Politics & Media
Oct 26, 2015, 09:55AM

Lawyers vs. Trigger Warnings

A profession smart enough to avoid political correctness.

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There’s no question that lawyers have done plenty of damage to civilization, often by encouraging arcane rules only they can navigate. They deserve at least some of the hatred and jokes thrown their way. I must confess, though, that several of my favorite people are lawyers (as were some of the Founders) and that for all their crimes, lawyers are a rational bunch. You may not like their arguments, but at least they have some and are willing to discuss them, carefully and analytically (like some of us former philosophy majors).

So when we find ourselves living in a world full of almost delusionally-detached sociology, literature, and grievance-studies majors trying to tell us what the shifting, vague, and internally-contradictory rules of etiquette, speech, law, and campus life are supposed to be, sometimes it’s the mind of a lawyer that’s best suited to cut through the fog. They can help remind everyone which rules are coherent and which are P.C. nonsense-talk.

New Cornell University president Elizabeth Garrett, bucking the appease-everyone-always trend at the nation’s institutions of higher learning, said earlier this month she “would never” require trigger warnings on controversial course materials and that she is an “avid supporter of free speech” (as noted in this article brought to my attention by John Althouse Cohen). “We’re about reason, rationality, debate. So if you disagree with someone, the answer isn’t to shout them down,” she added.

Remember the day before yesterday when that idea still seemed like obvious common sense? If we disagree, let’s openly debate? If we are offended, look away, let bolder souls carry on, and rationally counter the offending ideas at a later time? I’ve long thought that basic idea that we should hear everyone out, then debate, was one that nearly all Americans, across the political spectrum, agreed upon, but I’ve been known to give the human race more credit than it deserves on occasion.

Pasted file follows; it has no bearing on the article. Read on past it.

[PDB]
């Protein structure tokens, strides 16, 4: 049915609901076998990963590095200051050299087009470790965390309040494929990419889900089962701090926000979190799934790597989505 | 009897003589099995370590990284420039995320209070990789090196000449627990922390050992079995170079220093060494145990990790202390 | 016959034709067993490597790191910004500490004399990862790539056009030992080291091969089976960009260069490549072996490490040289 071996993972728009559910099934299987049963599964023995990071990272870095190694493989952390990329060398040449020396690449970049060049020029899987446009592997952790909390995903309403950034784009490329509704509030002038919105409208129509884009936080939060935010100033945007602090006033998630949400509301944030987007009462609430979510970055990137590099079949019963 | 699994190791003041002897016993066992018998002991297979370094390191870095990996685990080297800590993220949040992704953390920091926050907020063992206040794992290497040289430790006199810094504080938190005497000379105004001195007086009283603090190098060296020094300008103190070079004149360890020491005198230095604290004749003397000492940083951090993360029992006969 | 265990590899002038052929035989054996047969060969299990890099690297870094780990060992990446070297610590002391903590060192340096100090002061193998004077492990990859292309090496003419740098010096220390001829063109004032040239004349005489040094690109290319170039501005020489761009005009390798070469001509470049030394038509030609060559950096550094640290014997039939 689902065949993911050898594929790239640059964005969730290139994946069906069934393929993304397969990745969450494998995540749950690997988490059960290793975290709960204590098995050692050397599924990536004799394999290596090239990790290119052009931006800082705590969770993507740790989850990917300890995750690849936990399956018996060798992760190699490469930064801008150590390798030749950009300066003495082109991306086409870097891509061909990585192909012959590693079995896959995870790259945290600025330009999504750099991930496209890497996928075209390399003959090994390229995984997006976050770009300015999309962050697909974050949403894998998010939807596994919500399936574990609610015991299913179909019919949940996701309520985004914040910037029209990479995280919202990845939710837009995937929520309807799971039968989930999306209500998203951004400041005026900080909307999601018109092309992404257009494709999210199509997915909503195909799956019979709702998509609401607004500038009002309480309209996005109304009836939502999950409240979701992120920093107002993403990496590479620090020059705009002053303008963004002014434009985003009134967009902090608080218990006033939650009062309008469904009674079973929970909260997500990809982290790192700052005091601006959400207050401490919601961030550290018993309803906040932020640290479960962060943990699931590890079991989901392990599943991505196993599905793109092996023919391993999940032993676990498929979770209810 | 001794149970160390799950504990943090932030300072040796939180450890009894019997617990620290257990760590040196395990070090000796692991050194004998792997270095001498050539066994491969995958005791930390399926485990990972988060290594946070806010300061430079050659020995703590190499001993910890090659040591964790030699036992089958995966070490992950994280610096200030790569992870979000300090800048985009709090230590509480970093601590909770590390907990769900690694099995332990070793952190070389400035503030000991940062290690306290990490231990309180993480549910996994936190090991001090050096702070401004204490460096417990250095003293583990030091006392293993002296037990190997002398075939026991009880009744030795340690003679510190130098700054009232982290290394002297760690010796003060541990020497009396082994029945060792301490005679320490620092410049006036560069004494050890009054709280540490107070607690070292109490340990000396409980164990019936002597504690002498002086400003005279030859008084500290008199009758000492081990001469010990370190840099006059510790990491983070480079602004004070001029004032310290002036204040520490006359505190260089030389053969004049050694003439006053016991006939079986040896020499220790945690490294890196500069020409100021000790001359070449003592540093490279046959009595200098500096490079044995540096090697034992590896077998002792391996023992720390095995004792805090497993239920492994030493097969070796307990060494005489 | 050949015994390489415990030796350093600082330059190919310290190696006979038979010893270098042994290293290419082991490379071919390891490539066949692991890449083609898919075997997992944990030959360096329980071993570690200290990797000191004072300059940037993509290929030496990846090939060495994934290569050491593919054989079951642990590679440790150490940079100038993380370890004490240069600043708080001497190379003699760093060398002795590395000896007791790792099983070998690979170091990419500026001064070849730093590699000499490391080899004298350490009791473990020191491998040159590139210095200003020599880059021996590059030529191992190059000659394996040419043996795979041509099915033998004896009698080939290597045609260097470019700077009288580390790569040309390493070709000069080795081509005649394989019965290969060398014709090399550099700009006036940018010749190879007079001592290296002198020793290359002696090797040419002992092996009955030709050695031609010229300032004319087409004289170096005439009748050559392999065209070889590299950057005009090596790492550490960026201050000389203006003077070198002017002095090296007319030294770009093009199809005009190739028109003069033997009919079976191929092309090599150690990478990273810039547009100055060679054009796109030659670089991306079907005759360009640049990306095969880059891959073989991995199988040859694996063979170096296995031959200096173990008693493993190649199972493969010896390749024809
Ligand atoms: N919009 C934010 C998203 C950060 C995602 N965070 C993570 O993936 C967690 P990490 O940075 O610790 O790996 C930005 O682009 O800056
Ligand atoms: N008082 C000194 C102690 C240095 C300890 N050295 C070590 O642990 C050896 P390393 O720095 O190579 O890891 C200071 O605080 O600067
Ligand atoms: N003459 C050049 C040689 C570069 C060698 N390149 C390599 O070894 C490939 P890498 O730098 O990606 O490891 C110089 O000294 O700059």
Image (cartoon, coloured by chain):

Naturally, I’m inclined to think the censorship impulse of recent decades is largely born of left-liberal hypersensitivity, without for a moment excusing the more ancient conservative impulse to censor blasphemy or silence people in the name of national security. One leftist to whom I spoke about the problem thinks at least some of the impulse to shout down the opponent, especially among college students, may trace back to customs as stupid as sports fans shouting their derision for the other team as an impromptu chorus.

I won’t deny there’s plenty of stupid to go around. Those lawyers, by contrast, are pretty polite and reasonable most of the time, with their speeches and their cross-examination and their carefully footnoted documents. Cornell, and the rest of us, could learn from them. The unpredictable waves of Twitter outrage and new calls for censorship, by contrast, look to me as though they presage not so much rule of law as a dawning era of constant, savage conflict. 

Todd Seavey can be found on Twitter, Blogger, and Facebook, daily on Splice Today, and soon on bookshelves with the volume Libertarianism for Beginners.


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